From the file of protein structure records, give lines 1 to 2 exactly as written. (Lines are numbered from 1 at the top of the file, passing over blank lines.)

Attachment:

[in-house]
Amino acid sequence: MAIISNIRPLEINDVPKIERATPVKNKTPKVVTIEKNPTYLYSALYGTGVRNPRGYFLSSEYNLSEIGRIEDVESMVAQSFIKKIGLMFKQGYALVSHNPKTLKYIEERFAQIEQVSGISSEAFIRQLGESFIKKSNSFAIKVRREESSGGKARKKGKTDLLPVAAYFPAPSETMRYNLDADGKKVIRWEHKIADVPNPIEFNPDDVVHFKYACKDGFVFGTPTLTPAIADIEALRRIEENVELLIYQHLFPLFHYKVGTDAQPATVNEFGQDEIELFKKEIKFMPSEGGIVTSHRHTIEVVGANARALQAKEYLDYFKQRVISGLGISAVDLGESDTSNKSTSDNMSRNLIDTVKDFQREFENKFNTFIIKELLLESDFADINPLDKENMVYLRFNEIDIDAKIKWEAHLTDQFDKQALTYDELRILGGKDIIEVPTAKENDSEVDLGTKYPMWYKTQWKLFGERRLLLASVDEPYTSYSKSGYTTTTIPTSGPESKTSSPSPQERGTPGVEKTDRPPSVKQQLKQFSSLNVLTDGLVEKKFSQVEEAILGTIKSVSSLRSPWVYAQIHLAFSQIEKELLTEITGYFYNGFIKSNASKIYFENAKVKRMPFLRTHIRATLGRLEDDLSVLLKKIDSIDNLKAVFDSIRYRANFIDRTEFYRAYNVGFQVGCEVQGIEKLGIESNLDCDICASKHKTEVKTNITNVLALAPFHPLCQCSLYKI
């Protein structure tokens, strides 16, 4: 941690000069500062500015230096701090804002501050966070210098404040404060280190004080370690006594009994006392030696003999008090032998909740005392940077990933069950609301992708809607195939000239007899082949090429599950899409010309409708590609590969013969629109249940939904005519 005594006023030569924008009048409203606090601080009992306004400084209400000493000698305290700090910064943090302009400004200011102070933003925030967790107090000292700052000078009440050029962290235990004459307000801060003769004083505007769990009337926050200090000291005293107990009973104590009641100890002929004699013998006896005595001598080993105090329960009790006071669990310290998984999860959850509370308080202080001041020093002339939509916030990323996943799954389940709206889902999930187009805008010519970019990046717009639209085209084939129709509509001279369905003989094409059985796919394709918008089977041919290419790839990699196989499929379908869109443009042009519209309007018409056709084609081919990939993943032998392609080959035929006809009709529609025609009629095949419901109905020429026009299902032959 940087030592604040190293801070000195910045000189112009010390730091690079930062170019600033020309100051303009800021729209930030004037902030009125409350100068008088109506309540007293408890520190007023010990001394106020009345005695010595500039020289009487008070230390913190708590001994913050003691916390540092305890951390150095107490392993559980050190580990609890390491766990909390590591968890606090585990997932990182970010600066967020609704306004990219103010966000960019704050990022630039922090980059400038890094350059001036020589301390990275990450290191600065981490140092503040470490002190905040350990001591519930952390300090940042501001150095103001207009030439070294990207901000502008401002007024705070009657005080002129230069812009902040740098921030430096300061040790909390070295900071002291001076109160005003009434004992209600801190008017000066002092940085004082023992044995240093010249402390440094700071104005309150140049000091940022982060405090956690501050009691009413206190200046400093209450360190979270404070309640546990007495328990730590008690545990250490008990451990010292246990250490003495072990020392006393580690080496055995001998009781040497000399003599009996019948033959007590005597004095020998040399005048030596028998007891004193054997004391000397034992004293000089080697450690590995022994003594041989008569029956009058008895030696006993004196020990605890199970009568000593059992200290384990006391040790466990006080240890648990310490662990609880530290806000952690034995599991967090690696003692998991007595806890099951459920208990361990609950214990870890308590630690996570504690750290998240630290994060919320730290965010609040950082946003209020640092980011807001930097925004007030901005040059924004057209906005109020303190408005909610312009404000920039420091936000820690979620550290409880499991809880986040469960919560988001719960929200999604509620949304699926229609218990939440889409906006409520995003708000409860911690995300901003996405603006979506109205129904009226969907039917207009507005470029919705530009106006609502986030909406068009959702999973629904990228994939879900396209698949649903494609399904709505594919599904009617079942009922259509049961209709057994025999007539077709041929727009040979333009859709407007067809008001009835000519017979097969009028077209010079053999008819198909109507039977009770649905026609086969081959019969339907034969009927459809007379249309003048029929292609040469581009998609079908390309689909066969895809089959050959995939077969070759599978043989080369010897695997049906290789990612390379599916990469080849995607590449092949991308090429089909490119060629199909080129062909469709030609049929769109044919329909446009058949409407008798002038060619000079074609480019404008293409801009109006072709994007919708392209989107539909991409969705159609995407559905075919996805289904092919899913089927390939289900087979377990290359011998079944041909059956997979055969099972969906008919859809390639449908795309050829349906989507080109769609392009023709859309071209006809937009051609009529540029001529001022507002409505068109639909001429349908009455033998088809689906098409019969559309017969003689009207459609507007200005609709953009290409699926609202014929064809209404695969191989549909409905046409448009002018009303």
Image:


[in-house]
Amino acid sequence: MAIISNIRPLEINDVPKIERATPVKNKTPKVVTIEKNPTYLYSALYGTGVRNPRGYFLSSEYNLSEIGRIEDVESMVAQSFIKKIGLMFKQGYALVSHNPKTLKYIEERFAQIEQVSGISSEAFIRQLGESFIKKSNSFAIKVRREESSGGKARKKGKTDLLPVAAYFPAPSETMRYNLDADGKKVIRWEHKIADVPNPIEFNPDDVVHFKYACKDGFVFGTPTLTPAIADIEALRRIEENVELLIYQHLFPLFHYKVGTDAQPATVNEFGQDEIELFKKEIKFMPSEGGIVTSHRHTIEVVGANARALQAKEYLDYFKQRVISGLGISAVDLGESDTSNKSTSDNMSRNLIDTVKDFQREFENKFNTFIIKELLLESDFADINPLDKENMVYLRFNEIDIDAKIKWEAHLTDQFDKQALTYDELRILGGKDIIEVPTAKENDSEVDLGTKYPMWYKTQWKLFGERRLLLASVDEPYTSYSKSGYTTTTIPTSGPESKTSSPSPQERGTPGVEKTDRPPSVKQQLKQFSSLNVLTDGLVEKKFSQVEEAILGTIKSVSSLRSPWVYAQIHLAFSQIEKELLTEITGYFYNGFIKSNASKIYFENAKVKRMPFLRTHIRATLGRLEDDLSVLLKKIDSIDNLKAVFDSIRYRANFIDRTEFYRAYNVGFQVGCEVQGIEKLGIESNLDCDICASKHKTEVKTNITNVLALAPFHPLCQCSLYKI